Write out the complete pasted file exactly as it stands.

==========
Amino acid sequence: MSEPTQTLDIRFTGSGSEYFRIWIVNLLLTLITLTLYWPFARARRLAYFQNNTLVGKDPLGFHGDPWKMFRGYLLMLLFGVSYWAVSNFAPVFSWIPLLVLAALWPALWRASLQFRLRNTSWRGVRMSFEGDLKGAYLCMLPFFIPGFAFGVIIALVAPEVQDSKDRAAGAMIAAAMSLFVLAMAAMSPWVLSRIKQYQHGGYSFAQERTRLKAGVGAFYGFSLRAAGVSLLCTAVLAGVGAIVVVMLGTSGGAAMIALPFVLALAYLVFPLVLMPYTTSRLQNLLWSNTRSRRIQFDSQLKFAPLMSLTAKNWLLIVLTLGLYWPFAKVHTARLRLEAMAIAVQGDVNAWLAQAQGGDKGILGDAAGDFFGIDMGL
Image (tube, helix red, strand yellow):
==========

Amino acid sequence: MSEPTQTLDIRFTGSGSEYFRIWIVNLLLTLITLTLYWPFARARRLAYFQNNTLVGKDPLGFHGDPWKMFRGYLLMLLFGVSYWAVSNFAPVFSWIPLLVLAALWPALWRASLQFRLRNTSWRGVRMSFEGDLKGAYLCMLPFFIPGFAFGVIIALVAPEVQDSKDRAAGAMIAAAMSLFVLAMAAMSPWVLSRIKQYQHGGYSFAQERTRLKAGVGAFYGFSLRAAGVSLLCTAVLAGVGAIVVVMLGTSGGAAMIALPFVLALAYLVFPLVLMPYTTSRLQNLLWSNTRSRRIQFDSQLKFAPLMSLTAKNWLLIVLTLGLYWPFAKVHTARLRLEAMAIAVQGDVNAWLAQAQGGDKGILGDAAGDFFGIDMGL
Image (tube, helix red, strand yellow):